Let there be Testing

Hannah Yon and Charlie Raibman

A sharp decline in students’ knowledge of U.S. history was clear in recently released national test scores by The New York Times. 13 percent of eighth graders were considered proficient, down from 18 percent nearly a decade ago. With the obstacle of learning throughout COVID-19 and students quickly approaching voting age, I encourage the rest of the country should follow in the footsteps of Maryland’s testing requirements. 

In an era marked by globalization, interconnectedness, and a rapidly changing world, it is crucial to equip high school students with a comprehensive understanding of social studies. While subjects like math and science often take precedence, the significance of social studies should not be underestimated. With clear benefits for students, educators, and society as a whole, we must take steps to prevent any further dips in historical knowledge. To ensure that students receive a well-rounded education, the implementation of mandatory state-run social studies testing for high schoolers is essential.

A Maryland graduation requirement that students must fulfill is the completion of a social studies test in middle school. We know this as the Maryland Comprehensive Assessment Program, or MCAP, which is typically administered to eighth graders to test U.S. history knowledge. Although some students may see it as another dreadful and irritating formality, this mandatory social studies testing helps level the playing field in terms of civic awareness and engagement.

AP United States History teacher Dr. Hogewood is all for “social studies standards and kids taking more social studies classes.” He elaborated that “Any history, but U.S. history in particular, teaches students how to understand the situation our country is in right now,” while also educating them on how to “make a change when they are unhappy with things in our system.”

The impacts described by Dr. Hogewood are evident in former AP NSL Government students. Senior Adam Lederman was a first-time voter in the 2022 midterm elections last fall. He reflected that taking AP Government earlier in high school “taught me how to understand the impacts of ballot issues for local and statewide elections.”

B-CC Class of 2021 graduate Rachel Lonker shared similar remarks: “I think taking AP Gov definitely prepared me to vote in the midterms in a way because I knew more about the voting process and the importance of voting, so I felt more informed.”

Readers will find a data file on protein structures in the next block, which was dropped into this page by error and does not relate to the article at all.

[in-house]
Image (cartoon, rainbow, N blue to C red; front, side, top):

The civic duty to vote is, as Lonker said, of the utmost importance. Although our democracy is meant to be fairly representative, civic engagement still differs across demographics. Research carried out by Columbia University surveyed 8,000 Americans between 2018-2020. They found that “the least-informed voters were young, low-income minority women.” Furthermore, “The average minority female voter age 47 or less with a below-median income had a 30% probability of knowing a typical news story. By contrast, the average white male voter age 48 or older with an above-median income had a 44% probability of knowing the same story.” Education is the great equalizer. It will hopefully decrease differences in political awareness, as the testing will force schools to teach social studies to all students at a certain standard. 

Testing encourages students to learn about different political ideologies, analyze policy issues, and understand the consequences of their choices. In turn, this cultivates a generation of voters who can make informed decisions based on a sound understanding of history, economics, and government. The ability to critically evaluate political information, discern fact from fiction, and engage in civil discourse is crucial in a democratic society. Rampant polarization and demographic differences in voter turnout make the issue all the more pressing. In order to nurture a better-informed citizenry, we as a country must take steps to ensure students understand the world around them.

While issues concerning education are to be decided on a state-by-state basis, it is in the best interest of representation and democracy to implement measures like mandatory social studies testing.